The Chinese restaurant Phat Phat is expected to open next spring in the century-old building that previously housed the Easy Street Pub in Schaumburg's historic district near Town Square.
The restaurant will be the second Chicago-area endeavor by the Indonesia-based Imperial Group that opened Imperial Lamian at 6 W. Hubbard in the city's River North area two years ago.
Phat Phat is aiming for a different clientele with its portions and prices, said Vincent Lawrence, managing partner for the group's U.S. operations.
Given the location at 17 S. Roselle, just south of the Lou Malnati's Pizzeria on the southeast corner of Schaumburg and Roselle roads, the business anticipates catering a little more to residents than to the village's ample business community that's centered closer to Woodfield Mall.
"We're excited," Lawrence said. "I think we can be a big addition to the community."
Given that the tenant of the restored building will be a restaurant, the investment group EZDUZIT 17 LLC affiliated with Lou Malnati's next door will be eligible for the full $250,000 reimbursement for a portion of the work village officials offered late last year.
Schaumburg Economic Development Director Matt Frank said the village made the offer because the building is a contributing structure to the Olde Schaumburg Centre district around it, as well as the only commercial building that remains from the period. Several others, including Lou Malnati's, are converted houses or barns.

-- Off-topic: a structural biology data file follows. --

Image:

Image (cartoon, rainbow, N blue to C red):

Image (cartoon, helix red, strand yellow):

The village promised the investors $150,000 upon completion of the building work and another $100,000 if the tenant was to their liking.
Frank said village officials believe a restaurant remains the best use of the site. And he was impressed by his recent visit to Imperial Lamian in Chicago.
"This is an operator who knows what's he doing," Frank said.
The building began as Charlie Krueger's Inn and Boarding House, which served the workers who first paved Schaumburg Road in the 1910s. It then operated as Lengel's Tavern for 45 years until gutted by a fire in 1976.
Jerry Trofholz bought the building from Johanna Lengel in 1978 and made it the Easy Street Pub, until his family closed it in May 2017, a year and a half after his death.
The new investors bought the building at that time for $500,000, with the intention of spending $721,000 on its restoration.
Because of the effort made to restore the original look of the building, Phat Phat can't do too much to change the exterior but will make the interior both distinct and respectful to the work already done.
"We're going to expose all the bricks inside," Lawrence said. "It's really going to work with our concept. There's a lot of windows, so there's going to be a lot light coming into the place."
The upper floor of the building also will be used by the restaurant as a mezzanine.
The Imperial Group will be going through the village's review process for its interior design over the next several weeks, with the intention of starting the four- to five-month construction in December, Lawrence said.